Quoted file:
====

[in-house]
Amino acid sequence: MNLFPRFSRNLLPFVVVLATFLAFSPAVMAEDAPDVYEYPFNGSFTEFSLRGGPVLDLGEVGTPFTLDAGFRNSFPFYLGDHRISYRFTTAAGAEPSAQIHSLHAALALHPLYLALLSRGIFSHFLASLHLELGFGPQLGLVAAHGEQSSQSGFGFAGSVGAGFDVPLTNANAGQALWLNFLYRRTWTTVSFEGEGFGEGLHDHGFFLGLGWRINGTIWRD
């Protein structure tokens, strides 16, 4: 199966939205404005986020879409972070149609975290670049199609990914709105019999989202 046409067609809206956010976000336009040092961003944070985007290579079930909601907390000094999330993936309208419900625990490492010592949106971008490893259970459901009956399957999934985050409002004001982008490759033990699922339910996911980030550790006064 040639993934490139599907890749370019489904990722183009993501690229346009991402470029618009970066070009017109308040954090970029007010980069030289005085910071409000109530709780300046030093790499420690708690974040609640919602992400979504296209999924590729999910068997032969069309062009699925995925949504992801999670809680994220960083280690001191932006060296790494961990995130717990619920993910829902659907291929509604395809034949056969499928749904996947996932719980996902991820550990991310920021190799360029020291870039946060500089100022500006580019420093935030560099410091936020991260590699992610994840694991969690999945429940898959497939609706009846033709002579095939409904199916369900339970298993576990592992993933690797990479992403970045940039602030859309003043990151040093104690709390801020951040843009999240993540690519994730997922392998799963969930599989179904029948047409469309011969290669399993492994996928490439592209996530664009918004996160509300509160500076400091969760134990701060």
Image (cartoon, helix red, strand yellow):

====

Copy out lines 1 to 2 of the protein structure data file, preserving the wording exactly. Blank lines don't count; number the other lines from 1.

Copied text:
[in-house]
Amino acid sequence: MNLFPRFSRNLLPFVVVLATFLAFSPAVMAEDAPDVYEYPFNGSFTEFSLRGGPVLDLGEVGTPFTLDAGFRNSFPFYLGDHRISYRFTTAAGAEPSAQIHSLHAALALHPLYLALLSRGIFSHFLASLHLELGFGPQLGLVAAHGEQSSQSGFGFAGSVGAGFDVPLTNANAGQALWLNFLYRRTWTTVSFEGEGFGEGLHDHGFFLGLGWRINGTIWRD